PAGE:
I Bring the Fire Part I: Wolves
styles from only the last century or so, displays more variety of architecture in a single block than the whole
city of Alfheim. And Alfheim’s city is so small. It is only a few miles wide and the tallest tower can’t be over
“Like a fairy castle,” says Beatrice, her voice awed.
Loki snorts. “Well, technically — ”
“Are those dinosaurs?” Amy says, looking out at the fields.
Loki follows her gaze. A few hadrosaurs dot the pastures, and two are being ridden in neat formation
along the city’s main wall. From afar they look a lot like the velociraptors Loki hatched so long ago. They
have powerful hind legs and smaller forelimbs. They do not walk on their hind limbs exclusively though, and
their mouths are beak-like. They also get much larger than velociraptors — up to the size of a bus.
“Yes,” says Loki.
He blinks. He’s a bit surprised English has a word for dinosaur. Loki doesn’t know English particularly
well. He uses magic to translate languages. On Asgard they call it “The Gift of Tongues.” Humans might call
it a “spell,” but it’s more a state of mind. Loki doesn’t fight the magic that flows through Amy and Beatrice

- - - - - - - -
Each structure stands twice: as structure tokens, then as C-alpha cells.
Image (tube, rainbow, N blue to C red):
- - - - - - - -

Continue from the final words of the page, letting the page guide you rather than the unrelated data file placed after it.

that wants to interact with the appropriate neurons in his brain’s speech centers.
The trick has its limitations: if there is no corresponding word between languages, translations become
difficult. But now there is a common English word for dinosaurs! Fascinating. Staring at the creatures, he
realizes there is even an English word for specific dinosaur species. “Specifically, hadrosaurs, harmless
herbivores,” he adds. Harmless unless they step on you, of course.
Tensing at the wheel, Amy looks nervously to the dark forest still on their left. “I don’t have to worry
about T-rexes or velociraptors, do I?”
Loki’s mouth drops open. “You know what a velociraptor is?”
“I’ve seen Jurassic Park,” says Amy. Voice rising tremulously she says, “Are there velociraptors here?”
“No,” says Loki. “No....nasty creatures though, I’ll give you that.”
Amy turns her face quickly to him. She doesn’t look relieved for some reason.
Puzzling over that, Loki looks out at the road and his eyes go wide. “Look out for the hadrosaur dung!”
Amy hits the brakes and they screech to a halt just in time.
“It’s the size of a dog!” says Beatrice.
“It looks like bird poop,” says Amy. “White...but really lumpy. I wonder if I could get a sample and take it
back to school? We have a thermos, don’t we? I have a friend from undergrad in the micro lab at UIC. We
could compare the genome of the hadrosaur dung bacteria to the bacteria in bird guano. If elves were on
Earth at one time, there is a possibility that the bacteria might share a common ancestor!”
“We probably don’t have time for that, Dear. Right Loki?” says Beatrice.
Loki stifles a laugh at Beatrice’s conspiratorial prompting, but he’s more impressed than repulsed. It’s